Prof. Tomas Sauer: Basically, artificial intelligence can help make the data more accessible. We apply a variety of methods to achieve this. One of the goals that we’re pursuing – specifically as a Fraunhofer group but also at the University of Passau – is segmentation over time. Imagine you had an object made up of two parts, each of which changes over a certain period of time. You want to separate these parts in order to observe different characteristics depending on the line of inquiry. I like to use a beer as an example: say I want to separate the foam from the liquid so that I can analyze the process by which the foam decomposes. That’s what segmentation is for.
At the same time, segmentation is also part of the compression process: if, for each measurement, I take only the information that’s of interest to me, that might be just 10 percent. That gives me a quick and easy way of massively reducing the amount of data.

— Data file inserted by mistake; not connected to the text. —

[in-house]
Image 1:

AI methods are required for both these processes. Let’s stick with the beer foam example. In this thought experiment, I’m looking to tailor my compression process to the beer foam. Instead of using a manually tailored algorithm that I would then have to reset each time for, say, orange juice or soda, I use a technique that automatically parameterizes itself based on the available data and is therefore suitable for a wide range of applications.
Does data visualization also have a part to play?
Prof. Tomas Sauer: We’ve incorporated a little bit of visualization – you have to have some, otherwise it becomes really hard to understand what you’ve actually done with the data. For large 3D datasets, we’ve already got our own visualization tools and we’ll surely have to think about how we can adapt these for 4D applications. Visualization is obviously also important for end users because they want to be able to interact with the data. Perhaps they’ll want to look at 3D models from a range of different viewpoints. I have to be sure to offer them the option to, say, adjust the observation angle, set cuts, or alter the contrast. So that little bit can actually involve a lot of work.
How much progress has the project made, and when do you expect to see practical applications?